TIMMINS – Despite being perhaps the best offensive defenceman of his era — some will say of all time — it’s the championships that still stand out for Paul Coffey when he looks back on his long and illustrious NHL career.
He won four Stanley Cups, three alongside Wayne Gretzky and the Edmonton Oilers in 1984, ’85 and ’87, and one more skating with Mario Lemieux and the Pittsburgh Penguins in 1991.
But like with his children, don’t ask him to pick a favourite
“I was lucky enough to win four championships, and from the first one in Edmonton to the last one in Pittsburgh, they’re all very, very special,” said Coffey, who was in town Sunday serving up tales from years past and offering advice to young hockey players at the first Timmins Rock Celebrity Sports Dinner/Fundraiser at the Porcupine Dante Club.
“I’m excited to be here,” Coffey told The Daily Press. “I’ve never been to Timmins before. It’s a place that my dad had told me about for years, that it’s deep and rich in hockey history. Just reading the amount of players that played here is pretty incredible.”
Prior to the evening speaking to a sold-out crowd at the Dante Club, Coffey dropped the ceremonial first puck as the Rock welcomed the Powassan Voodoos in a Northern Ontario Jr. A Hockey League match-up at historic McIntyre Arena.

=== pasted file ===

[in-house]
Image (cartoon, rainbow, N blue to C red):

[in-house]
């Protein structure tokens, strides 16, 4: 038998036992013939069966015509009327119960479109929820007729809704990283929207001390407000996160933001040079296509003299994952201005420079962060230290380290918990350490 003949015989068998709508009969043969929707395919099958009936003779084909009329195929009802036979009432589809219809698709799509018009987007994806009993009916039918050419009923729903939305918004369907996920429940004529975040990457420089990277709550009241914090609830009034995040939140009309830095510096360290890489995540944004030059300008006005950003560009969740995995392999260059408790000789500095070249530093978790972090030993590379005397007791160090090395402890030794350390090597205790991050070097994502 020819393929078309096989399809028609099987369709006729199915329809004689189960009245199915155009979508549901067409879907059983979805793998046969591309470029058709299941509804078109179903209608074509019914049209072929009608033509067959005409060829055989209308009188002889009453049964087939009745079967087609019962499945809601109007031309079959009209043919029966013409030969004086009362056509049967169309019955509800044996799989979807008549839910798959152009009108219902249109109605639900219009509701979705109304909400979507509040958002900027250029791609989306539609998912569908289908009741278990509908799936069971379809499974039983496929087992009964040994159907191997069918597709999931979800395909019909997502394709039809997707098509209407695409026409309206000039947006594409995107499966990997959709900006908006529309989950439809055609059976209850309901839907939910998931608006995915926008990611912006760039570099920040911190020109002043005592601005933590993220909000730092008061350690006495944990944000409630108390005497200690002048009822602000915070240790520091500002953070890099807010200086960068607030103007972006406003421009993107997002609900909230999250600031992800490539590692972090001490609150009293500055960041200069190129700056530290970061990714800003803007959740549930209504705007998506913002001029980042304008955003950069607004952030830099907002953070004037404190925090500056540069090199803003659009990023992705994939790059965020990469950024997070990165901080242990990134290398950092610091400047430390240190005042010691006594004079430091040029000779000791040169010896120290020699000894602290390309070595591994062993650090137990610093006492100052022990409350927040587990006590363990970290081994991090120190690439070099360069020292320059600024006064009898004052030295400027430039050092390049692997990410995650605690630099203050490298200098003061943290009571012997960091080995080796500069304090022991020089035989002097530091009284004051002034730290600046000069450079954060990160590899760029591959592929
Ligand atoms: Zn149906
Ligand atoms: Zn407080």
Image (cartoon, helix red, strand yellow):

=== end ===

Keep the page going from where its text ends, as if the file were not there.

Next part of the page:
The building was built in 1938 and was the hockey training grounds for a countless list of future NHL stars including Frank and Peter Mahovlich, Allan Stanley, Pete Babando and Bill Barilko.
During his 21-year playing career, Coffey became well-acquainted with more recent NHL stars like hometown hero Steve Sullivan and former Philadelphia Flyers captain and current TSN analyst Dave Poulin.
“Oh my God, a lot of guys: Sullivan, Poulin,” recalled Coffey. “I never played against big Frank (Mahovlich), but I played against Hector Marini, Shean Donovan, all those guys, it’s great.”
Despite a back-and-forth affair on Sunday, the Rock were unable to pull out the win as the NOJHL-leading Voodoos seized a 5-2 victory.
The Voodoos got two goals and an assist from Tyson Gilmour, the son of Doug Gilmour — another player and fellow Hockey Hall of Famer Coffey also encountered often in his playing days.
Though the hometown team couldn’t pull out the win, Coffey was impressed with the level of play and enjoyed the game between two NOJHL heavyweights.
“The kids were working hard. They looked like they got a little anxiety out today. They look like they’re ready for the playoffs,” said Coffey, getting into the role of analyst. “They’re playing Cochrane in the (second) round which should be good, and hopefully they’ll get a shot a these guys (the Voodoos) in the next round.
“They had a long time not having a team here, 18 years without hockey, and to finally get them back in the last couple of years, it’s just great to see the fan support. It’s a beautiful rink, a lot of history and it was a great game to watch earlier today.”
After their game, the Rock players took their hustle from the rink to the kitchen, helping waiters serve bread and top up water to people in attendance at the Dante Club.